καὶ ἡγοῦμαι σκύβαλα, “but I consider it all as unspeakable filth.” Paul did not lament this loss. For him it was a welcomed relief. In fact it was the freeing of himself from something that he unwaveringly continued to consider σκύβαλα, “unspeakable filth.” The derivation of this word, σκύβαλον (used only here in the nt), has never been cleared up. Although traced to the expression τὸ τοῖς κυσὶ βαλλόμενον, “that which is thrown to the dogs” (queried by Bockmuehl, 207–8), it seems to have meant by usage (1) “dung,” “muck,” both as excrement and as food gone bad; (2) “scraps,” i.e., “what is left after a meal”; or (3) “refuse,” “trash” (Koperski’s translation [Knowledge, 154]). It is also used to describe a pitiful and horrible thing, like a half-eaten corpse, or “filth,” such as lumps of manure. Thus, when Paul uses it here as the final object of his studied threefold use of ἡγεῖσθαι, “to consider,” it provides the climax of a crescendo. According to F. Lang’s analysis (TDNT 7:446–47; against Lightfoot, Michael),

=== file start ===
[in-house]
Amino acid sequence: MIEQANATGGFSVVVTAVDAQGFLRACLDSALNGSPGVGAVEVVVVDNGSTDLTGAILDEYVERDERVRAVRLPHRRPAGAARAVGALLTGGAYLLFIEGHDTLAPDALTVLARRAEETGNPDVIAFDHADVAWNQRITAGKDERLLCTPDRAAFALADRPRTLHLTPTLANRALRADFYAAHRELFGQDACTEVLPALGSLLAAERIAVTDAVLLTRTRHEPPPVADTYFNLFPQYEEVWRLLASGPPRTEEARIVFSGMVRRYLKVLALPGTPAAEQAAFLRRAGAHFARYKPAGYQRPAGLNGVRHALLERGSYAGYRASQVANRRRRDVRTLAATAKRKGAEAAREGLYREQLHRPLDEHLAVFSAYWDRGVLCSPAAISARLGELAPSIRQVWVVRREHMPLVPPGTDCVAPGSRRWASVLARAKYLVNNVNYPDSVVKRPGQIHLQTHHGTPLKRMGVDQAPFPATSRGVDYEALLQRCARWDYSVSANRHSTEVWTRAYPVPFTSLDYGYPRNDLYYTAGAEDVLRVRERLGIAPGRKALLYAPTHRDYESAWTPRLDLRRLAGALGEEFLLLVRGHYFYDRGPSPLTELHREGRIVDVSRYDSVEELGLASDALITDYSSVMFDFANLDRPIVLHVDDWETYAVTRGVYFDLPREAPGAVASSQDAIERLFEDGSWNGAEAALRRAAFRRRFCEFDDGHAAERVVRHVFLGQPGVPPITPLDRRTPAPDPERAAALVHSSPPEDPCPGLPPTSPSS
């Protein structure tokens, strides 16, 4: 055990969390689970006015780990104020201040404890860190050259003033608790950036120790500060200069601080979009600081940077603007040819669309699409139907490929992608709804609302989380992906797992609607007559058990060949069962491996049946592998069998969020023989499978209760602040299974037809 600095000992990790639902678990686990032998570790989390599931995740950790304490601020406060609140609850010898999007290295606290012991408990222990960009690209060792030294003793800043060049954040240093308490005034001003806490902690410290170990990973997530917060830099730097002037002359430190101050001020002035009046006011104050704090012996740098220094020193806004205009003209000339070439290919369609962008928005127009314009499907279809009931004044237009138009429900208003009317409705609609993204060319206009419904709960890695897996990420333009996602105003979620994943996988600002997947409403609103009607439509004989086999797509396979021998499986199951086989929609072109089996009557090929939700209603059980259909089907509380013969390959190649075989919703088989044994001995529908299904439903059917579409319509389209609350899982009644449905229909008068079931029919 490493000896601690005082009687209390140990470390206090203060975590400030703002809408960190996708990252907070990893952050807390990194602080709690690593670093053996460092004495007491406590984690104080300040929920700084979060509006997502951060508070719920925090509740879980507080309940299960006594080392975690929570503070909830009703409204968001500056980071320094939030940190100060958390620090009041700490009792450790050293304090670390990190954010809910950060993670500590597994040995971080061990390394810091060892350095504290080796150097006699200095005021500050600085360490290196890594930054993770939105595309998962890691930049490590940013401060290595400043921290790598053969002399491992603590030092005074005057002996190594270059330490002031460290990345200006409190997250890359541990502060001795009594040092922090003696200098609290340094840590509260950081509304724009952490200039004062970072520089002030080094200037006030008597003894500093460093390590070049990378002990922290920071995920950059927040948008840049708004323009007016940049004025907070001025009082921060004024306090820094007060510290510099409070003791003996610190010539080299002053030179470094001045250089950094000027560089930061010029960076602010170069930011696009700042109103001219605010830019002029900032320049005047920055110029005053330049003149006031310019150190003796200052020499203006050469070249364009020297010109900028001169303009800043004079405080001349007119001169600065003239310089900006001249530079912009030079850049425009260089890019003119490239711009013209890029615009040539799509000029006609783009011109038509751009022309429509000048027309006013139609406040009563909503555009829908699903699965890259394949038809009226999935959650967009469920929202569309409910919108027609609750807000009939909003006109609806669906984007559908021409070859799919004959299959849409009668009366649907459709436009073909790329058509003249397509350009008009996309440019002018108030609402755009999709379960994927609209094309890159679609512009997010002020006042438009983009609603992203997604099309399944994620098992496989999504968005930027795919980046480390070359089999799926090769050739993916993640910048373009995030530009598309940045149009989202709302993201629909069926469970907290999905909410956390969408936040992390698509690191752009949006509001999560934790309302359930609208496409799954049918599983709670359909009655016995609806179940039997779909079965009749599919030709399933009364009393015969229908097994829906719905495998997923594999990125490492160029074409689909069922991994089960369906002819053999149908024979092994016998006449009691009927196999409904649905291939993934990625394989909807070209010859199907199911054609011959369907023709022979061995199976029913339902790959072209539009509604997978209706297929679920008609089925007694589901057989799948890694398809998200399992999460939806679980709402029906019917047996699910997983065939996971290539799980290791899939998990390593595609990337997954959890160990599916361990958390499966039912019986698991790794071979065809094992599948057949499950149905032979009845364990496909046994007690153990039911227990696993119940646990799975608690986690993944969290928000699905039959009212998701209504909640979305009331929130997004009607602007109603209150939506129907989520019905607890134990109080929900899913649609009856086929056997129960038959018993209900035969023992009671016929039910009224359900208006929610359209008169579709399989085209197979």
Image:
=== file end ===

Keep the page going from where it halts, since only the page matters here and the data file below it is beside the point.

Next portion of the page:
The perfect ἥγημαι (v. 7) relates to conversion; since this Paul has learned to regard all his former κέρδη as ζημία … for Christ’s sake. The present ἡγοῦμαι (v. 8a) confirms that this is his judgment now. The second present ἡγοῦμαι (v. 8c) strengthens this by substituting σκύβαλα for ζημία. The intensification lies in the element of resolute turning aside from something worthless and abhorrent, with which one will have nothing more to do. The choice of the vulgar term stresses the force and totality of this renunciation.